In last weekend’s debate, both Obama and John McCain declared, not for the first time, that the U.S. can not “tolerate” a nuclear Iran. But as Patrick Clawson of the Washington Institute for Near East Polity aptly remarked in his post-debate comments: “for all the tough words, neither candidate even hinted that force was an option on the table. Until we convince Iran’s leaders that America will act if need be, they will continue to believe that we will eventually tolerate the nuclear Iran we now declare to be unacceptable.”I've quoted Michael Oren and Yoram Ettinger on how McCain and Obama differ on Israel and Jerusalem, but on the issue of Iran it could be that talk is as far as either candidate is willing to go.
Clawson remarked that for all the rhetorical differences between the candidates–Obama supporting more direct dialogue, McCain opposing it–the actual policies they offered were fairly similar: “Both supported reinforced diplomacy as the solution, with strengthened sanctions as the central instrument.”
The problem with such a policy is simple: it is not working, and there’s hardly a chance it ever will. The bill passed this week in the House, as symbolically heart-warming as it might be, can do little to make Iran cave (and it’s not even clear if the Senate will take the time to follow through with it). And even more importantly, it is now clear that the next president will be very busy fixing the economy in the first months of his term, leaving little room and energy for dealing with a threat that is very serious, but is also complicated to explain, and has no immediate impact on the daily lives of the American voter.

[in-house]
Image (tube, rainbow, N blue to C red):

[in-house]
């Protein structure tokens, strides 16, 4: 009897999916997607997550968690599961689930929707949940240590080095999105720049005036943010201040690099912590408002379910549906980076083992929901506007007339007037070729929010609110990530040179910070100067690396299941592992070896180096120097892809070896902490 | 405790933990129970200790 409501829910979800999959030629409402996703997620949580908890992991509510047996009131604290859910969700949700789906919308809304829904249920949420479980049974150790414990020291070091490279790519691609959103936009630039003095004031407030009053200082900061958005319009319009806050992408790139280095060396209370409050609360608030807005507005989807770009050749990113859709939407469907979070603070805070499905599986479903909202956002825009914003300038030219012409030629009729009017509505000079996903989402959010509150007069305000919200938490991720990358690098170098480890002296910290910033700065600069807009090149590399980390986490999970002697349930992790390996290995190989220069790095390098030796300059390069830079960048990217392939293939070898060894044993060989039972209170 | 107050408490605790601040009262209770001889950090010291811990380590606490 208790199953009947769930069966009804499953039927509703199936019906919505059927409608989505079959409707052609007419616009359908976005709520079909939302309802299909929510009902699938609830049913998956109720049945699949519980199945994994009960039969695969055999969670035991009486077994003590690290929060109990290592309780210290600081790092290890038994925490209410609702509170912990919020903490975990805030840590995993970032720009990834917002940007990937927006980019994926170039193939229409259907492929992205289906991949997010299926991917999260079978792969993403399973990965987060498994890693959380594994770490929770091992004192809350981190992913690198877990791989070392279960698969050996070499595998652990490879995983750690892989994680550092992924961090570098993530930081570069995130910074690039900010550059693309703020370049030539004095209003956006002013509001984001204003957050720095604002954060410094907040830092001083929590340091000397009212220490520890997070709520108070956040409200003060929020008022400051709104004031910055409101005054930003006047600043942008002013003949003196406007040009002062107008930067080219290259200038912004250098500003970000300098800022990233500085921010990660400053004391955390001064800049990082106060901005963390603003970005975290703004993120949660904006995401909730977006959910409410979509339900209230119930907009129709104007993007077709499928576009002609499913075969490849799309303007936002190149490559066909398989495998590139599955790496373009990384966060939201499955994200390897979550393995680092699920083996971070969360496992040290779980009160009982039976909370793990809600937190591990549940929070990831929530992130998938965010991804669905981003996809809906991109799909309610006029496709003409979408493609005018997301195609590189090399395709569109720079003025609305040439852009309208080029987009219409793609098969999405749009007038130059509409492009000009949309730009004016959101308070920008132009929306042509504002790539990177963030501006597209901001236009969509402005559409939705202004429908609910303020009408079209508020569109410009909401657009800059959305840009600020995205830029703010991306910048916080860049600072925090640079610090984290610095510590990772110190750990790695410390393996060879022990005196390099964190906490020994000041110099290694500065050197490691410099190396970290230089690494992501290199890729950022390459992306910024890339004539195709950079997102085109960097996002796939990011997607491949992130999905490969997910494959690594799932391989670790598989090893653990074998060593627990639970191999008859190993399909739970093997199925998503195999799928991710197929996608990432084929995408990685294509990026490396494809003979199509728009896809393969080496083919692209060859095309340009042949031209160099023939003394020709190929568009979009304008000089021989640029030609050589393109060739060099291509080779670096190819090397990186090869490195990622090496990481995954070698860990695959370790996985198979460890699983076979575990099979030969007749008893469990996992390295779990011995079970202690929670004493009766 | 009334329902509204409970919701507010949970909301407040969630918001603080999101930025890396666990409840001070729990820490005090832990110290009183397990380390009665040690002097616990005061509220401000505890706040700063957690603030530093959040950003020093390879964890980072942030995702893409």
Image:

Thursday, October 02, 2008
Do McCain And Obama Agree On Iran?
Shmuel Rosner thinks so. In a post about the Democrats shelving a measure that would require a naval blockade of Iran, Rosner writes about what the presidential candidates said--and did not say--during last week's debate: